NEW ORLEANS (Jan. 29, 2002) -- In September, the only television face time that Patriots understudy Tom Brady could look forward to involved him holding a clipboard. Twenty weeks later, former leading man Drew Bledsoe seemingly was relegated to a coin-flip cameo in the AFC Championship Game at Pittsburgh.
Some time in between, Bledsoe passed the torch and Brady passed the clipboard. But an ankle injury to Brady and a Bledsoe revival against the Steelers might recast the pair yet again. Patriots coach Bill Belichick didn't announce Monday which quarterback will start Super Bowl XXXVI, opting to wait until Wednesday to reveal which roles Bledsoe and Brady will play in the latest, biggest game of their very different careers.
The morning after Belichick's noncommittal commitment, Bledsoe and Brady were confronted with the juiciest story going at Super Bowl Media Day at the Superdome. Both quarterbacks were sticking to the company line.
"Obviously, I want to play as bad as any guy. And I'm sure Tom feels the same way," Bledsoe said. "[Belichick] is the coach, we're the players. He's going to make the call. If it's me, I'm ready to play. If it's Tom, I'll be ready to play, too."
Brady wouldn't budge from the politically correct platform, either, selling it with a dose of youthful panache.
"Whether I'm 70 percent, 80 percent, or 100 percent, the fact of the matter is that we both have to be ready to play," Brady said. "[If I don't play,] I don't think there is any disappointment. We're in the frigging Super Bowl. How can you be disappointed with that?"
In the bizarre world that became the Patriots' quarterback situation, down is up, left is right, and Bledsoe was on the bench after a sideline hit opened a blood vessel in his chest in Week 2. Brady, a sixth-round draft choice in 2000, made the best of his audition by fire, leading the 0-2 Patriots to 11 victories in 14 starts.
Brady played like a veteran, making plays when needed, becoming a team leader, and rarely making the mistakes or throwing the costly interceptions that most second-year quarterbacks -- and Bledsoe -- had become susceptible to. Brady's streak of 162 passing attempts without an interception set an NFL record for the beginning of a career.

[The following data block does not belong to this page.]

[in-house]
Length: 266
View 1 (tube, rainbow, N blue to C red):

Weeks later, when Bledsoe was deemed healthy enough to return to action, he did so as a backup. Most New England fans had switched their allegiance to Brady, and Belichick agreed that the kid had staying power. Few questioned the decision after Brady helped deliver an unexpected AFC East title to New England. Most Patriots fans were more interested in Bledsoe's trade value than his possible return to the starting lineup.
Bledsoe and Brady contrast from the typical up-and-comer versus seasoned veteran dynamics. In this case, the elder statesman Bledsoe owns the bigger gun, putting more velocity on his throws. But the younger Brady has displayed more moxie, displaying a cool factor in the heat of battle that belies his age and experience.
"I want [playing time] as fast as I can get it. It's been an exciting year," Brady said. "It's been a great opportunity. To be able to step in and play when you're young in this league, and to have a little bit of success from a team standpoint, to win football games, to play with guys that have been successful in this league, how they prepare. It's been quite an opportunity.
Brady also has shown an ability to make things happen, as he did during the Patriots' comeback victory against the Raiders in the divisional playoffs. Bledsoe's critics had a hard time remembering the last time he had lifted a typically outmanned Patriots team onto his shoulders the way Brady did in a blizzard at Foxboro.
Bledsoe gave those doubters something to reconsider the next week against Pittsburgh. In the midst of a momentum-shifting drive, Brady was sidelined by a sprained left ankle, forcing Bledsoe to shake off 20 weeks of rust without benefit of warming up. He connected on his first three attempts, including an 11-yard touchdown pass on a timing pattern to David Patten right before halftime.
In the midst of their tag-team situation, Bledsoe and Brady have remained friendly.
"I don't want to get too much into specifics," Brady said. "When we talk, it's not much about football. When it comes down to talking about stuff like this, throughout the week he gives me bits of information that are always helpful."
"The bottom line is that no matter who starts at quarterback Sunday, we want to win this game," Bledsoe said. "That's more important."
Their teammates have not taken a side during the season or in the days leading up to Super Bowl XXXVI.
"It's not like we'll be getting any different plays," wide receiver Troy Brown said. "I really don't think anyone cares. If Drew's there, great. If it's Tom, that's great, too."
While Belichick and the Patriots won't lean one way or the other until Wednesday, the opposing coach has weighed in. Mike Martz, whose Rams defeated the Patriots 24-17 on Nov. 18 despite a solid performance by Brady (19 for 27, 185 yards, one touchdown and two interceptions) thinks Belichick will start the veteran.
"[Bledsoe] has the strong arm and he's able to get the ball into the small spaces. Plus, he's the more veteran player. I think he'll be their guy," Martz said. "Sure, it's the same offense for both guys, but they are different and have different levels."
On Wednesday evening, Belichick either can make Martz look like more of a genius or stay with the quarterback he rode in on.